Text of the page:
Boris Johnson and Jeremy Corbyn have clashed on Brexit, public services and trust in politics during their final debate of the general election campaign. The prime minister said the choice next Thursday was between a Conservative majority that would deliver Brexit and a hung parliament that would see Mr Corbyn depending on the Scottish National Party (SNP) to govern.
Mr Corbyn accused Mr Johnson of deceiving the public over his Brexit deal, pointing to leaked documents from the Treasury about its impact on trade between Northern Ireland and the rest of the United Kingdom. The documents, which Labour published on Friday morning, say that customs checks and paperwork would add costs to businesses and consumers in the North.
Mr Johnson asserted that his Brexit deal would create no new barriers in the Irish Sea and questioned Mr Corbyn’s credentials on Northern Ireland.
“I find it slightly curious to be lectured about the union between Great Britain and Northern Ireland . . . when he actually supported for four decades the campaign by the IRA to destroy it,” he said.
Mr Corbyn defended his party’s economic policies, which he said were fully costed and would mean that only the top 5 per cent of earners would pay more tax.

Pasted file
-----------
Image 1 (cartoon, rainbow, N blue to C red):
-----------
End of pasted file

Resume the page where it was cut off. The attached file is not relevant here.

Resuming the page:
“My kind of socialism is one where you don’t leave people behind,” he said.
“We have gone too far down the road with free-market economics and created too much inequality.
A snap poll from YouGov found the public almost evenly divided over who won the debate, with 52 per cent choosing Mr Johnson and 48 per cent saying Mr Corbyn came out on top.
Earlier, former Conservative prime minister John Major endorsed Dominic Grieve, David Gauke and Anne Milton, who were expelled from the party over Brexit and are standing as Independents. In a video message to an anti-Brexit rally in London, Sir John described the three former ministers as principled, decent human beings.
“Let me make one thing absolutely clear: none of them has left the Conservative party. The Conservative party has left them. Without such talent on its benches, parliament will be the poorer,” he said.
Tony Blair, who succeeded Sir John as prime minister, said he would vote Labour but urged others to vote tactically to ensure that Mr Johnson would not return with a majority.
“Some groan at the idea of a hung parliament. But better a parliament that’s hung for want of a majority than a country hung for want of a leader,” he said.
Mr Blair said that Britain's place in Europe should be determined by a second referendum rather than a general election and he mocked the claims of Brexiteers that leaving the European Union would be easy.
“Brexit is not a mistake, I wish it were, it is a disaster, a disaster our country cannot afford. And I say to those of my generation who voted for it, with age can come the wisdom of lived experience. But it is youth that has its finger on the beating pulse of the future and we have no right to steal that future from them,” he said.